When Capt. Jay Zeamer, a member of the 43d Bomb Group, lifted his B-17 off the runway at Port Moresby, New Guinea, on June 16, 1943, he knew, as did every member of his crew, that this was a vitally important mission. The lone, unescorted bomber was headed for Buka, a small island just north of Bougainville, some 600 miles to the northeast of New Guinea. They were to photograph Japanese installations and then map the west coast of Bougainville as far south as Empress Augusta Bay in preparation for the Allied landings that were scheduled for late October or early November. There might not again be a clear day over the area in time to fly another mapping mission and prepare detailed charts for the invasion force. It was now, or perhaps never.
In the course of his 47 previous missions, Zeamer had flown over Bougainville before and encountered only light opposition. But, unknown to Zeamer if not to higher headquarters, the Japanese had moved about 400 fighters into Rabaul and the Solomon Islands during the night of June 15. Zeamer was flying into a hornet’s nest, as he was soon to find out. But Zeamer would have volunteered for the mission anyway, and so would have most of his crew. After months of frustrating shortages and overwhelmingly adverse odds, the war in the Pacific was turning around. Slowly, the Japanese were being pushed back in the Southwest Pacific, and Bougainville was a key to taking, or bypassing, the great Japanese base at Rabaul.
In the nose of the B-17 was 2d Lt. Joseph Sarnoski, who had received an unorthodox introduction to the craft of bombing. In the late 1930s, he and another raw recruit at Langley Field, Va., were put through an informal course on the Norden bombsight to demonstrate its simplicity and to prove that bombardiers could be turned out en masse if the US became involved in a major war.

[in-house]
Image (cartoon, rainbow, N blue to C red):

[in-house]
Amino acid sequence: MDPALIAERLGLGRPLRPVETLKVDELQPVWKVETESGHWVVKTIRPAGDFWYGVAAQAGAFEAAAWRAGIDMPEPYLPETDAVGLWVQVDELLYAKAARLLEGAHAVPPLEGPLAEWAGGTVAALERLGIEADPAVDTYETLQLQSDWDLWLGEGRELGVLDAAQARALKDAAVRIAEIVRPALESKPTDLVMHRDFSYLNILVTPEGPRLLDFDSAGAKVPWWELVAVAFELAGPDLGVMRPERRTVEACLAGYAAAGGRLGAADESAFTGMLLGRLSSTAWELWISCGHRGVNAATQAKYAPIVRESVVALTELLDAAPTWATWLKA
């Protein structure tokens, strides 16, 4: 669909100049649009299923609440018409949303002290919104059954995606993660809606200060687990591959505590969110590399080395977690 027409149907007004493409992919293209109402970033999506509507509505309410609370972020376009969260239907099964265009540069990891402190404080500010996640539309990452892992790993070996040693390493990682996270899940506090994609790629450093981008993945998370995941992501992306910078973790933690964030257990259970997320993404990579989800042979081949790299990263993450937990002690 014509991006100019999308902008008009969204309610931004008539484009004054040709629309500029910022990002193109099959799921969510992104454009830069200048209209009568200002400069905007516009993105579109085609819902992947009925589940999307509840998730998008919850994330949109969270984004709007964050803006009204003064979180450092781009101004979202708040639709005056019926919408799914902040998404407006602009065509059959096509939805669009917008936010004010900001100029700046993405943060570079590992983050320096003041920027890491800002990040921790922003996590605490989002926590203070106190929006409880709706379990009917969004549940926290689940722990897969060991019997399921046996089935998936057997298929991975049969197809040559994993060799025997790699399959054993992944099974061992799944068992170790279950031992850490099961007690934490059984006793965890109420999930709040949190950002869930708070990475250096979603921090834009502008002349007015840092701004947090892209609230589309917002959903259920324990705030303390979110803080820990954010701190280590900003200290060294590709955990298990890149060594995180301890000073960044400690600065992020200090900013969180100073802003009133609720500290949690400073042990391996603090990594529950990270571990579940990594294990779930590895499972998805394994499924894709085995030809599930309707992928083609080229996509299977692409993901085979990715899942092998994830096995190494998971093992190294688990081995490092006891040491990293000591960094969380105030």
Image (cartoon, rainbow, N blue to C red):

The photo recce part of the Buka mission went off without incident, though 22 enemy fighters were seen taking off from the island’s airfield. A few minutes later, Zeamer started a mapping run along Bougainville’s west coast. Forty-five seconds from completion of the run, his B-17 was attacked head-on by five Japanese fighters. Though wounded in the attack, Sarnoski continued to fire his nose gun, shooting down two enemy aircraft. Had it not been for him, says retired Lt. Col. Jay Zeamer, the B-17 would have been destroyed by that initial attack. For his part, Zeamer shot down one of the attackers with a nose gun fired by a button on the control column–a rare, perhaps unique, achievement for the pilot of a heavy bomber.
Then a 20-mm shell exploded in the nose of the bomber, hurling Sarnoski into the catwalk under the cockpit and riddling Zeamer’s arms and legs with shell fragments. With a supreme act of will, the mortally wounded Sarnoski dragged himself back to the nose and continued to fire until he fell dead over his guns.
The head-on attack knocked out the B-17’s oxygen and hydraulic systems and all flight instruments. Zeamer, with a broken leg and multiple deep lacerations, put the bomber into an almost vertical dive from 25,000 feet to about 10,000 feet. He could judge his altitude only by the increase in engine manifold pressure. As he leveled off, an estimated 17 enemy fighters resumed the attack from all quarters, staying with the B-17 for 45 minutes until they ran low on fuel. During the running battle in which Zeamer saved the B-17 by taking violent evasive action, his crew shot down two fighters and probably downed another two.
Although weak from pain and loss of blood, Zeamer refused medical aid and remained at the controls until the enemy fighters had left. Then, during moments of consciousness, he assessed the condition of the bomber, decided it could not make it over New Guinea’s Owen Stanley Mountains, and directed his copilot to land at Dobodura on the east coast. With no brakes or flaps, the B-17 ground-looped to a stop with one dead and six wounded aboard. Only the copilot and two gunners had escaped injury.
For their heroic roles in that incredible mission, both Zeamer and Sarnoski were awarded the Medal of Honor, the only instance of World War II when two members of a crew were so honored for separate and independent acts of heroism in combat. All other members of the crew were awarded Distinguished Service Crosses.
A year later, Zeamer was released from the hospital. In January 1945, he was retired for disability resulting from his combat wounds. He now lives in Boothbay Harbor, Maine.
Published December 1985. For presentation on this web site, some Valor articles have been amended for accuracy.